On July 2 all were discharged. The union, limited to skilled tradesmen, represented less than one-fifth of the thirty-eight hundred workers at the plant, but the rest voted overwhelmingly to join the strike. An advisory committee was formed, which directed the strike and soon took over the company town as well. Frick sent for three hundred Pinkerton guards, but when they arrived by barge on July 6 they were met by ten thousand strikers, many of them armed. After an all-day battle, the Pinkertons surrendered and were forced to run a gauntlet through the crowd. In all, nine strikers and seven Pinkertons were killed; many strikers and most of the remaining Pinkertons were injured, some seriously.
The sheriff, unable to recruit local residents against the strikers, appealed to Governor William Stone for support; eight thousand militia arrived on July 12. Gradually, under militia protection, strikebreakers got the plant running again. Frick’s intransigence had won sympathy for the strikers, but an attempt on his life by anarchist Alexander Berkman on July 23 caused most of it to evaporate. Meanwhile, the corporation had more than a hundred strikers arrested, some of them for murder; though most were finally released, each case consumed much of the union’s time, money, and energy. The strike lost momentum and ended on November 20, 1892. With the Amalgamated Association virtually destroyed, Carnegie Steel moved quickly to institute longer hours and lower wages. The Homestead strike inspired many workers, but it also underscored how difficult it was for any union to prevail against the combined power of the corporation and the government.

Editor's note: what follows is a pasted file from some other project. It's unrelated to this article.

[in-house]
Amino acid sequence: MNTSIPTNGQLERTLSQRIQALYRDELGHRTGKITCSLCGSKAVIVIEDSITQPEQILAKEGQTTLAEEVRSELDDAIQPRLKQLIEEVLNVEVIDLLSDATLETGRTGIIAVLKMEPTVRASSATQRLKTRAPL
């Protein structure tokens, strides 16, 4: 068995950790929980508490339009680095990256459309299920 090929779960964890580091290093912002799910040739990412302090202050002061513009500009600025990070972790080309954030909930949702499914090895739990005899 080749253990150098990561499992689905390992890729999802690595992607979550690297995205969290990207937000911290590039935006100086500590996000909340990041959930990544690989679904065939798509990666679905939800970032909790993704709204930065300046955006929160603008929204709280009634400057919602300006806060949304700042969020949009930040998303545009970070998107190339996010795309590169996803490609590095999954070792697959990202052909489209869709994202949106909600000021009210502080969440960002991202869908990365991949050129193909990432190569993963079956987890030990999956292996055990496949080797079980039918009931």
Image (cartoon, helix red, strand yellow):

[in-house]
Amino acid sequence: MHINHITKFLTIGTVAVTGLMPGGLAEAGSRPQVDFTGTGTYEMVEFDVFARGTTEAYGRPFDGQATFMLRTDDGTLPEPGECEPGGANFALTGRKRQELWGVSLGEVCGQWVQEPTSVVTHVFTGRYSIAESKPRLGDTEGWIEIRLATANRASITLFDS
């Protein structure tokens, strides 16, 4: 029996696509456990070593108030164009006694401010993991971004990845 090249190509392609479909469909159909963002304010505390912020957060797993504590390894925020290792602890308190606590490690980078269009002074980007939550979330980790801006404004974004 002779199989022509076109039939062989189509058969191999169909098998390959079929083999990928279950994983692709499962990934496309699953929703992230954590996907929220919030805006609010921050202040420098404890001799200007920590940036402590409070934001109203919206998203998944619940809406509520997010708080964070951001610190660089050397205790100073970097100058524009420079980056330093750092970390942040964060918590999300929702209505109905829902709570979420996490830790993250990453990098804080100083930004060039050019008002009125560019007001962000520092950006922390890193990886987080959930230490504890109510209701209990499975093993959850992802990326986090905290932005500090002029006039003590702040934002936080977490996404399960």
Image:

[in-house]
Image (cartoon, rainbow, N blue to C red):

The Reader’s Companion to American History. Eric Foner and John A. Garraty, Editors. Copyright © 1991 by Houghton Mifflin Harcourt Publishing Company. All rights reserved.